Bin_Tree *initalize_tree(Bin_Tree *tree)
    {
        tree->node_count = 0;
        tree->root = NULL;
    
        return tree;
    }
    
    Bin_Node *create_node(void)
    {
        return malloc(sizeof(Bin_Node));
    }
    
    Bin_Node *initalize_node(Bin_Node *node, int data)
    {
        node->data = data;
        node->left = NULL;
        node->right = NULL;
    
        return node;
    }
    
    bool insert_node(Bin_Node **root, Bin_Node *node)
    {
        if (!*root) //parent node has no children??
        {
            *root = node;
            return true;
        }
        else
        {
            if ((*root)->data < node->data) //the data of the parent we are looking at is less than the data of the node so go to its right child
            {
                return insert_node(&(*root)->right, node);
            }
            else if ((*root)->data != node->data)
            {
                return insert_node(&(*root)->left, node);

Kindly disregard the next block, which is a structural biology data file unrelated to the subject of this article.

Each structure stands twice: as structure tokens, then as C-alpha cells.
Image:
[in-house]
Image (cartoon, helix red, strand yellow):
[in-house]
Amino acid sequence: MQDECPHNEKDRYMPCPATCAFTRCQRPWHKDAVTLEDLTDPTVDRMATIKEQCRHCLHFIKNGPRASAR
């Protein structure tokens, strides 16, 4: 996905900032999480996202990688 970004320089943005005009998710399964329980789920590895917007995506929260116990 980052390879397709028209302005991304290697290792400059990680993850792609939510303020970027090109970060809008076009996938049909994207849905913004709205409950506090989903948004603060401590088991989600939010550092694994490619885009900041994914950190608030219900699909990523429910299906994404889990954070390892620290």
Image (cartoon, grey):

}
        }
        return false; // the node already existed
    }
    
    void print_tree(const Bin_Node *root)
    {
        if (!root)
        {
            return;
        }
    
        if (root->left) //parent node has a child to the left
        {
            print_tree(root->left);
            printf("searching left child of %d\n", root->data);
        }
    
        printf("node data = %d\n", root->data);
    
        if (root->right) //parent node has a child to the right
        {
            print_tree(root->right);
            printf("searching right child of %d\n", root->data);
        }
    }
    
    void destroy_tree(Bin_Node *root)
    {
        if (root) //parent has children
        {